• Drones can track suspicious persons or vehicles over long distances (44%)

• Drones can be used for crowd control purposes during protests, sports events and other large gatherings (48%)

• Drones can perform a similar role to security guards, potentially reducing spending on manned guarding (52%)

• Anti-drone tech can detect, locate, track and take over ‘rogue’ drones to protect buildings, people and other assets (55%)

Fewer still – around two thirds (64%) – are unaware that drones can automatically read licence plates. Of those who neither already use drones nor are inclined to in the future, 60% said they didn’t yet know enough about the technology to know whether it would have a worthwhile application in their organisation. The equivalent figure for anti-drone tech is similar at 57%. It is clear then that educating the industry on the merits and applications of drone and anti-drone technology is essential if the commercial drone sector is to unlock the potential of the security market.

CCTV with rotors: Disrupting the security technology mix

The British Security Industry Association (BSIA) estimates that there are between 4-5.9 million network cameras in the UK – about one camera for every 11 people. With so much of our urban environment already under surveillance, might hard-nosed security professionals write surveillance drones off as an expensive gimmick?

Perhaps yes, and understandably so, in certain contexts – most obviously in the surveillance of building interiors. And yet, as well as being unmanned and equipped with on-board cameras, the other obvious facts about security drones are that they are mobile and airborne. This means they can do things that are impossible for regular fixed surveillance cameras – like birds-eye views over large areas or dispatching rapidly to areas of interest. Consider this in combination with the enormous size of the global surveillance market – worth more than $30bn (£23bn), according to MarketsandMarkets – and the enormous, disruptive potential of this technology becomes clear. It is understandable, then, that aerial overview surveillance should have the widest appeal among security applications, with 61% of respondents expressing an interest.

The aerial capture of footage or imagery is drones’ most obvious USP – and not just in security, with aerial photography now an affordable tool for estate agents or wedding planners. Every surveillance application becomes much easier – or feasible at all – at night-time with the deployment of thermal cameras, which are of interest to 45% of respondents. Asked which types of images they require, every option was ticked by at least 44% of those polled, so a wide range of image types are popular.

Tracking Drones are hundreds of times cheaper to hire or run than a helicopter, not to mention infinitely more nimble and discrete in tracking suspects. Both short- and long-range tracking were popular functions among survey respondents, with 39% and 35% respectively keen.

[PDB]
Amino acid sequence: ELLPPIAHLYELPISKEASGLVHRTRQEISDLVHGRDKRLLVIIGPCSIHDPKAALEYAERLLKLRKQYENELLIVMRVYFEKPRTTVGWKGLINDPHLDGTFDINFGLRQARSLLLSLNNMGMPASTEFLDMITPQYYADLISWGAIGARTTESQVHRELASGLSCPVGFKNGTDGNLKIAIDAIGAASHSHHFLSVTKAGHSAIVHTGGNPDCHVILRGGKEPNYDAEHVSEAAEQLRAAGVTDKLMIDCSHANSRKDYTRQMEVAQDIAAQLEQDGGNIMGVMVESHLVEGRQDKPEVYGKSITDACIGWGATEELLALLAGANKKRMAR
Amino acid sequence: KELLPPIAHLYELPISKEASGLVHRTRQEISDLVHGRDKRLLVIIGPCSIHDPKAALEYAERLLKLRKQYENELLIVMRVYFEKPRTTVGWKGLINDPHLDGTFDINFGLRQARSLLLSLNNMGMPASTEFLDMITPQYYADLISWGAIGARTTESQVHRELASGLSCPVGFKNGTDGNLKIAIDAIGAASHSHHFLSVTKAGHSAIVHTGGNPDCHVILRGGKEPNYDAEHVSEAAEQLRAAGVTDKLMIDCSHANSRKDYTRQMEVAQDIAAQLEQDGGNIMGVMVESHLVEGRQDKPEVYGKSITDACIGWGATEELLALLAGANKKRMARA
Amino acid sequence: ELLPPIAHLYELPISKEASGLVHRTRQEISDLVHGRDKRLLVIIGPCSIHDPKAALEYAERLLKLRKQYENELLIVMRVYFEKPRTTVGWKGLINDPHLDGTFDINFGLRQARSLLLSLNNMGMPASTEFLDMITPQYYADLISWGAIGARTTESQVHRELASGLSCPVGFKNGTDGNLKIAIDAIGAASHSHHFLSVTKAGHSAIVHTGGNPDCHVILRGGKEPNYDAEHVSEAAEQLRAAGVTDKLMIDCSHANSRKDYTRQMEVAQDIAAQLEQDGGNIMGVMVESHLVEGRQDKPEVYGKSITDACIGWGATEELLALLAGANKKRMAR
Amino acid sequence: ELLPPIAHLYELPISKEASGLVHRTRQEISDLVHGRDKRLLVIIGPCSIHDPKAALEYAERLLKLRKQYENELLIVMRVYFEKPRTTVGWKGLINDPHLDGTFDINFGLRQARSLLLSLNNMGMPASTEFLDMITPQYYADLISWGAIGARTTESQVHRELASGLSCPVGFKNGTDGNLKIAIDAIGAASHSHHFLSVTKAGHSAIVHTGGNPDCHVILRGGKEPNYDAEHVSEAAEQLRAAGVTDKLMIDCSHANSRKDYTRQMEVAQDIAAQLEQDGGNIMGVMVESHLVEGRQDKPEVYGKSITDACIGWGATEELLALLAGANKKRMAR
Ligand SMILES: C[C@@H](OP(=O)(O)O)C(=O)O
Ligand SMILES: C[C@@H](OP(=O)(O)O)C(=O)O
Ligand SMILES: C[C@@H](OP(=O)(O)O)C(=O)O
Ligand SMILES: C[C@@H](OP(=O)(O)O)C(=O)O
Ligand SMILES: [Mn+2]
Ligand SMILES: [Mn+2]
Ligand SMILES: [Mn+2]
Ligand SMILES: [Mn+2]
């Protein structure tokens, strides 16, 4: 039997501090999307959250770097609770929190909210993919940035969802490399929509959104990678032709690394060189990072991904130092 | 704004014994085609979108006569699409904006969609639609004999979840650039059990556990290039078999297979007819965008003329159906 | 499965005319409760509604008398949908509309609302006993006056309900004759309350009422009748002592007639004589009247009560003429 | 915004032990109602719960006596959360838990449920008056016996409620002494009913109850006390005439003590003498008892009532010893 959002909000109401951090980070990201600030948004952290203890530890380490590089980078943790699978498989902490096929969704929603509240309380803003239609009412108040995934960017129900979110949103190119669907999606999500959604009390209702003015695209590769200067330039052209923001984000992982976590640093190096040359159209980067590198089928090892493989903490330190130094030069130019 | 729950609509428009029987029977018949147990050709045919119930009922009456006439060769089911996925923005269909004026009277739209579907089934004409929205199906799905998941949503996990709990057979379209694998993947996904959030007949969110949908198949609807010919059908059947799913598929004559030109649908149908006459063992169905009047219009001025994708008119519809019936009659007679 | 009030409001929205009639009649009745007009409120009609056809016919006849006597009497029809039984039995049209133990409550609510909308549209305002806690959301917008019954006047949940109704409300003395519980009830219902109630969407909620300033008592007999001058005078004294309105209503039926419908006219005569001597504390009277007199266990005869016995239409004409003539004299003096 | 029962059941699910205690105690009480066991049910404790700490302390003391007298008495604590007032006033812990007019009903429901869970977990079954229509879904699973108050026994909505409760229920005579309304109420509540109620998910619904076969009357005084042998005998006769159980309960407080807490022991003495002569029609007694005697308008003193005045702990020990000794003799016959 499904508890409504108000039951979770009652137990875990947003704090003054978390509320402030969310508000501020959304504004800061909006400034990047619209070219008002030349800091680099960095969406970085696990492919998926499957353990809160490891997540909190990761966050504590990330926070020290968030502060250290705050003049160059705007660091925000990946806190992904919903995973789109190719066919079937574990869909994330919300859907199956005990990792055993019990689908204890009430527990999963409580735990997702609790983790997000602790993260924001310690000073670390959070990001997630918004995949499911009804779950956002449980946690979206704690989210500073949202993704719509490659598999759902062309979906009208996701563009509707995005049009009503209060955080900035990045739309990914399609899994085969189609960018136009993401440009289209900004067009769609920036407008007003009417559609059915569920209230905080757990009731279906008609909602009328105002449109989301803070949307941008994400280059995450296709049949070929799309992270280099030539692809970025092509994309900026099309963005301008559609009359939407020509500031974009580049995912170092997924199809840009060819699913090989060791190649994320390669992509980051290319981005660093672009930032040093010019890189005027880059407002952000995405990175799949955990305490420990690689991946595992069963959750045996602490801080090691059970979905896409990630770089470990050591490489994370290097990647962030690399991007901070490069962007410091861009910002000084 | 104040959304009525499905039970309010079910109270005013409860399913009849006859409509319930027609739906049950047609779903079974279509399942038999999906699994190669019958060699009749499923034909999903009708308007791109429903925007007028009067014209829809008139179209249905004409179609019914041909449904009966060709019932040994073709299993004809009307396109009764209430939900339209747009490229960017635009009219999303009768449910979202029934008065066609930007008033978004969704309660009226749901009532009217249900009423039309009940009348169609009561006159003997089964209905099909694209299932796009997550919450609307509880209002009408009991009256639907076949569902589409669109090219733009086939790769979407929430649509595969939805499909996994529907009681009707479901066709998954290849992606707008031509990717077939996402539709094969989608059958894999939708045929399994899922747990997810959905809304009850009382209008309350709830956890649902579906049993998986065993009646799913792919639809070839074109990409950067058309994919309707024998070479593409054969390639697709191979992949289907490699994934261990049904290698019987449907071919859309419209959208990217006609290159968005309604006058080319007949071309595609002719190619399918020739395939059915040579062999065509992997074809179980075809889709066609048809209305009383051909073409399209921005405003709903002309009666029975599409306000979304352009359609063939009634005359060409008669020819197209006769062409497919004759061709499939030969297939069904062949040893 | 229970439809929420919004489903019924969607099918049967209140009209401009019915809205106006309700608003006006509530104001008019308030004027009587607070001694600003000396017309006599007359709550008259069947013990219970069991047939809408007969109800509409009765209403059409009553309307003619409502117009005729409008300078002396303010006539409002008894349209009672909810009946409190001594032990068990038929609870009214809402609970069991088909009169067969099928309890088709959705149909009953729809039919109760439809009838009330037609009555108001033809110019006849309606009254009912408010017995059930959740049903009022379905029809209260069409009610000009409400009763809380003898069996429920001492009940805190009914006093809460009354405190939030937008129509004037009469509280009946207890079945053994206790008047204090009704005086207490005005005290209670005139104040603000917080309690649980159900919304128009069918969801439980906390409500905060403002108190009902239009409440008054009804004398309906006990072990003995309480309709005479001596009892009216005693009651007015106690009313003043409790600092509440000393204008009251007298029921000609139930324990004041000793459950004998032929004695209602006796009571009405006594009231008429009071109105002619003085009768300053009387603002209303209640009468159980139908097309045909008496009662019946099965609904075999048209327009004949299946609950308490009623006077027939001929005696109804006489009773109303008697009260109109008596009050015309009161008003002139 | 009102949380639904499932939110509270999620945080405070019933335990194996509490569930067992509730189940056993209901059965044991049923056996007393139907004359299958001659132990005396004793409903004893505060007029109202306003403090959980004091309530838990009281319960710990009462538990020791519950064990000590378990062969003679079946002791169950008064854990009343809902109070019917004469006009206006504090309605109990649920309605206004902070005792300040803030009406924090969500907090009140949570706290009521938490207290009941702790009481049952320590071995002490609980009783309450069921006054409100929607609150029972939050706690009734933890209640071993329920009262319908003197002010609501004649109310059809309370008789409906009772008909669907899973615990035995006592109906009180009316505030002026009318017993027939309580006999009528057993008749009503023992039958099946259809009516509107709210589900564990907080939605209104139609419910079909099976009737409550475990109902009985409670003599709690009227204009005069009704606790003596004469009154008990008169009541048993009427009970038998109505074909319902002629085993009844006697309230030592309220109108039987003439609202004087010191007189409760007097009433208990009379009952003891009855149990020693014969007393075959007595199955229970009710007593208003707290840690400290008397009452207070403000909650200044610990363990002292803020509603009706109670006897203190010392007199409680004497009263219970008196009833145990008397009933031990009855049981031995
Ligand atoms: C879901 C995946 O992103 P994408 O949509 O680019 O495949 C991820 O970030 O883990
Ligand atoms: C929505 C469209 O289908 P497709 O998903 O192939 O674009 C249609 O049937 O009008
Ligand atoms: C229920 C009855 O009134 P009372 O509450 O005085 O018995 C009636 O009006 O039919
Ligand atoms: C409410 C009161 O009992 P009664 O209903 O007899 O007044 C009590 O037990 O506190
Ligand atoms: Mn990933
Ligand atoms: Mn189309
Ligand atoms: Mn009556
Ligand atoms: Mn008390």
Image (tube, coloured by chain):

Security guard tour applications are the second most sought after application, with just shy of one in two (49%) of those polled expressing an interest.

Licence plate identification was of interest to more than one in four respondents (27%). Security guard tours are capable of patrolling more rapidly and extensively than human guards, as well as being unimpeded by physical barriers on the ground, drones are an intriguing option for the 46% of respondents who have manned patrols. Of that segment, 64% said they would consider using security guard tour applications. Perhaps unexpectedly, one in two (50%) who don’t deploy manned patrols also expressed an interest in the same functionality – suggesting that drones make unmanned patrols a viable, desirable tool for organisations that eschew or cannot afford manned patrols.

Where sensors detect an intrusion at the perimeter, a drone can be dispatched much faster than a person on foot. And once at a scene – perhaps deploying a thermal camera – they can more readily spot, track and report the movements of an intruder than a flashlight-wielding security guard. This also removes humans from harm’s way. Offering rapid situational awareness drones can therefore be an invaluable aid to first responders in emergency situations involving casualties. Drones don’t get distracted and need neither sleep nor food. That said, they still need refuelling in a way that is much more limiting than a human guard’s need for food and water.

 

The capacity of drones to support and reduce numbers of fixed cameras and ‘boots on the ground’ is constrained more than any other factor by battery life – and drones are currently deficient in this regard. At present, commercial drones can typically fly continuously for only about 25 minutes. Surveillance monitoring is a 24-7 undertaking so it’s a major drawback – albeit one obviously solved by rotating multiple drones in shifts. Requiring a larger fleet, however, this obviously increases costs.

Download the full report here.